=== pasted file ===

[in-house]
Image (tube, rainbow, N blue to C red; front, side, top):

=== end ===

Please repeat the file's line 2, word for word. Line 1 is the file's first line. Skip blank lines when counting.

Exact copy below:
Image (tube, rainbow, N blue to C red; front, side, top):